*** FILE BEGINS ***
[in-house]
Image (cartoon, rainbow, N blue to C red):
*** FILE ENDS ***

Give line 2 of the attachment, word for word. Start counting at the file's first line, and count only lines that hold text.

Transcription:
Image (cartoon, rainbow, N blue to C red):